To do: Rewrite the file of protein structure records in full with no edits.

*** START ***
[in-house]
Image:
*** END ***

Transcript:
[in-house]
Image: